The Wall Street Journal
22 March 2011
Sales of previously owned homes fell sharply in February, setting the stage for steep discounting in the spring market.
The National Association of Realtors reported Monday that existing home sales dropped 9.6%, and the median price, $156,100, was the lowest since February 2002.
“The job market is getting better and that will make people feel more confident about their income-earning prospects,” said David Berson of the PMI Group. “You need that confidence to buy a house. Household formations are also very important. … Kids may have moved back in with their parents, or two people may have moved in together, because of job concerns. Now they can move into their own place.”
Still, Monday’s data painted a picture of pain and price declines that have spared no region.
“The housing market is still clearly years away from staging any meaningful recovery,” Toronto-based Capital Economics wrote in a note to clients.
February sales data due Wednesday are expected to show that the market for new homes is just as lackluster as that for existing dwellings.
Some builders of new homes are increasing discounts on residences and boosting commissions to brokers.
“They don’t do that if things are going well,” said Alex Barron, a home-builder analyst with the Housing Research Center, an independent sell-side research firm. “The level of desperation in the builders is just going to increase substantially in the next two months, which is the heart of the spring selling season.”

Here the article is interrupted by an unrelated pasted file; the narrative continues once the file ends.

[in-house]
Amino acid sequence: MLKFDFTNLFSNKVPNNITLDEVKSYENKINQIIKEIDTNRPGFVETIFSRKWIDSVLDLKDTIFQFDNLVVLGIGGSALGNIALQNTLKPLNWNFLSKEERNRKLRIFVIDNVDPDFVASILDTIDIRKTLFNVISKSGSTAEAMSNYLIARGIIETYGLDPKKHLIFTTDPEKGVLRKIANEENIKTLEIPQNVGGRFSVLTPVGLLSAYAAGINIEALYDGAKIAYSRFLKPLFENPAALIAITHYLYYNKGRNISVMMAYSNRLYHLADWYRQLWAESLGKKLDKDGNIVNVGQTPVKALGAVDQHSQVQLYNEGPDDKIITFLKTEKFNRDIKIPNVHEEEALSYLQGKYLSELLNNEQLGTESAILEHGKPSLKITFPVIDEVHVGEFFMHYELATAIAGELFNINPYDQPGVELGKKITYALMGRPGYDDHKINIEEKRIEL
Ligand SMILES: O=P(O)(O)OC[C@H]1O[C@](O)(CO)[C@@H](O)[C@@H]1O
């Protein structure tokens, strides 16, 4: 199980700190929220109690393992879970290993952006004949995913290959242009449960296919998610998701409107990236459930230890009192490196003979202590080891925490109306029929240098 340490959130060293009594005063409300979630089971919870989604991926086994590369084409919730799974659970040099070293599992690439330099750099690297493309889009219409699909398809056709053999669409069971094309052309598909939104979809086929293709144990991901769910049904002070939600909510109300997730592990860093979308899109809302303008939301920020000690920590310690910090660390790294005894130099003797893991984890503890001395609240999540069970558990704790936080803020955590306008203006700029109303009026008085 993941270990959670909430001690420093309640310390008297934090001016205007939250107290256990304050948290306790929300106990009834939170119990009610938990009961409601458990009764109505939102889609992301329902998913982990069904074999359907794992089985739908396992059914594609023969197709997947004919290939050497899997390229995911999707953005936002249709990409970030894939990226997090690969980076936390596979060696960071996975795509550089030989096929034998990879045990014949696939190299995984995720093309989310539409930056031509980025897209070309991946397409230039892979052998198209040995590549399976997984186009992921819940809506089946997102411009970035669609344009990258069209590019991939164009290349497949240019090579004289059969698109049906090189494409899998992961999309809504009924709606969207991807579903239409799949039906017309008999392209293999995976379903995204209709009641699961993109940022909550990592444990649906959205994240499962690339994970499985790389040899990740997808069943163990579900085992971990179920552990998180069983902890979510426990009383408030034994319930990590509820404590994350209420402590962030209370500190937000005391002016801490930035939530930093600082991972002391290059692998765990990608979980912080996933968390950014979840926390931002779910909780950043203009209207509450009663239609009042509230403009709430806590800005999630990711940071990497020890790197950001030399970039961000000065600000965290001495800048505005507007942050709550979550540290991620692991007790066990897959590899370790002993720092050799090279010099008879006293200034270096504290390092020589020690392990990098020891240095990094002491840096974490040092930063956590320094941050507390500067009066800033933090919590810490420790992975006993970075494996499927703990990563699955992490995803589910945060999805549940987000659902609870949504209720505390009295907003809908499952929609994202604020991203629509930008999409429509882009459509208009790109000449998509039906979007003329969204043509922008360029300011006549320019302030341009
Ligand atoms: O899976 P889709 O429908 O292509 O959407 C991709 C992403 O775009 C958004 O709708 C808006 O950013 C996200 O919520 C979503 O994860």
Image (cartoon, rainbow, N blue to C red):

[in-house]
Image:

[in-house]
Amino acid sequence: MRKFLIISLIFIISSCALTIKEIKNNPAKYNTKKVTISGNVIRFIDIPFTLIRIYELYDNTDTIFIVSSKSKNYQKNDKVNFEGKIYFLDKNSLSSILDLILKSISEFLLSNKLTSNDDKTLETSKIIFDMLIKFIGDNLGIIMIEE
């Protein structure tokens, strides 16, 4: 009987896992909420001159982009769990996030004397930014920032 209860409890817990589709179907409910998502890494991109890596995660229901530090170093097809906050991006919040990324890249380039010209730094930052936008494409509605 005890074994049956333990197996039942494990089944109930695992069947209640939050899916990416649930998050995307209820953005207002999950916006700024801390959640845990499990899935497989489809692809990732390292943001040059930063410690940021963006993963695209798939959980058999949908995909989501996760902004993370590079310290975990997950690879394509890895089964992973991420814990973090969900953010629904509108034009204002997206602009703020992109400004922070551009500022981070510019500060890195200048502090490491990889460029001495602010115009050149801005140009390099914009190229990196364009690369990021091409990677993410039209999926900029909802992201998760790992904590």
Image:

Overall, February’s weakness could have been driven by bad weather, deals canceled over lowball appraisals and a higher number of distress sales, according to the National Association of Realtors.
A third of transactions were all-cash sales, and investors accounted for 19% of February sales activity, down from 23% in January. Low prices in many markets also reflect a new reality as sellers finally give in and reduce the asking prices on their homes in hopes of a fast deal.
“After three years of the housing downturn, people are becoming much more realistic in terms of valuing their homes,” said Lawrence Yun, the National Association of Realtors’ chief economist.
In Atlanta’s upscale Buckhead neighborhood, Natasha Swann put her family’s five-bedroom colonial on the market about six weeks ago. The $1.6 million asking price won’t recoup the roughly $200,000 that Ms. Swann spent on renovations such as finishing the basement and adding a bedroom. Still, the 41-year-old mother of three is eager to sell because she is building a bigger house nearby.
After six showings, she is optimistic the home is priced competitively. “We had to be kind of aggressive” about making the price attractive, she says. “We don’t know where the market’s going, and I’m not going to wait a long time in an uncertain market.”
Economists say the number of distressed sales will continue to rise, and put pressure on prices. But mortgage rates, which were trending upward during the fall and winter months, have been falling in recent weeks amid global turmoil over the crises in Japan. Rates for 30-year loans were well below 5% last week.
“Few think mortgage rates are going lower,” said Moody’s Analytics chief economist Mark Zandi. “It’s more likely they will be 6% than 4% next spring. This lights a fire under buyers.”
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